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Copyright litigation is expensive. Since copyright is federal law, disputes must be heard in federal court. Federal litigation can be prohibitively costly for creators bringing small claims, essentially leaving them with a right without a remedy against infringement of their work. Congress sought to alleviate this financial burden in 2020 when it passed the Copyright Alternative in Small-Claims Enforcement (“CASE”) Act, thus creating the Copyright Claims Board (“CCB”) to adjudicate small copyright disputes.

Opponents raised constitutional concerns about the CCB throughout the legislative process. The concerns included the fact that the CCB officers would wield unreviewable power and that Congress cannot set up non-Article III courts to hear cases involving public rights. Critics renewed their concerns in the aftermath of the Supreme Court’s June 2021 decision in United States v. Arthrex, in which the Court found that the Patent Trial and Appeal Board administrative patent judges (“APJs”) wielded unreviewable authority that violated the appointments clause. Furthermore, a possible challenge to the constitutionality of the CCB could be forthcoming since the CCB is now operational.

This Note analyzes the evolution of Appointments Clause and Article III jurisprudence and finds that the CCB is constitutionally constructed. While copyright is likely a private right, the CCB is still constitutionally permitted to hear these claims because the parties voluntarily consent to use the CCB. The voluntary nature of CCB proceedings plus the fact that these small cases are typically not heard by federal courts ease Article III and reviewability concerns.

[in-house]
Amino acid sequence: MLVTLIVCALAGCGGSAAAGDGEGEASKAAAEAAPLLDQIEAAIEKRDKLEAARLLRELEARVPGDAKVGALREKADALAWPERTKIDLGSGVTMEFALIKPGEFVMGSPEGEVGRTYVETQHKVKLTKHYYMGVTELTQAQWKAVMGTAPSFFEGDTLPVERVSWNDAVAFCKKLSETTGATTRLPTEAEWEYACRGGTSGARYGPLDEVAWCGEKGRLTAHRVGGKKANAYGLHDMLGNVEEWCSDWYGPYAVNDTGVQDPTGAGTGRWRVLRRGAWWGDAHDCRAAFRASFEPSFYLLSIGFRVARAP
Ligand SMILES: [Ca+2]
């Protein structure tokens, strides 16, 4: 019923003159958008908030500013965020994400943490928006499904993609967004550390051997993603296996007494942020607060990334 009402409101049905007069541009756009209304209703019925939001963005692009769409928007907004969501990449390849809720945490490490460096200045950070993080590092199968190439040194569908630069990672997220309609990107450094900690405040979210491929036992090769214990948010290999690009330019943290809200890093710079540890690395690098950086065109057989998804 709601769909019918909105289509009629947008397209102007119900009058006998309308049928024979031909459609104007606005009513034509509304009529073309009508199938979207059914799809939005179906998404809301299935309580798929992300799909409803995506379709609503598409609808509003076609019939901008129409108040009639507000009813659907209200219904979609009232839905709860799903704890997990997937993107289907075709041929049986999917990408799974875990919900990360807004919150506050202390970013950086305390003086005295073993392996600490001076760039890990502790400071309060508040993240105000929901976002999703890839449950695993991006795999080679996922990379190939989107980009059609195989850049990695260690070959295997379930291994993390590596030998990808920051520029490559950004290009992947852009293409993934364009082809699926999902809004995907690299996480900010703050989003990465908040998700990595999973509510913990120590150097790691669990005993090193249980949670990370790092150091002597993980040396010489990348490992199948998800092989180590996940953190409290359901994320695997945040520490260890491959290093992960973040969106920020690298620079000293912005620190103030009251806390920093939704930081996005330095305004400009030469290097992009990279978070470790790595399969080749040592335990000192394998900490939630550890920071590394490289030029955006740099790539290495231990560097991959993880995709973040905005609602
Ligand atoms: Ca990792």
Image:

Part I provides background information to the passage of the CASE Act and explores arguments for the necessity of the CCB. Part II outlines the structure of the CCB. Parts III and IV respectively detail relevant Appointments Clause and Article III jurisprudence then apply it to the CCB. Parts V and VI discuss the possible arguments critics may lodge against the CCB in a constitutional challenge and how these invariably fall short. Finally, Part VII takes a practical look at how the Supreme Court as currently constructed might analyze the CCB’s constitutionality.

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Creative Commons Attribution 4.0 International License
This work is licensed under a Creative Commons Attribution 4.0 International License.


Winner of the 2023 Andrew D. Fried Memorial Prize.